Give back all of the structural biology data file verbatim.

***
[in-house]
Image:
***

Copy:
[in-house]
Image: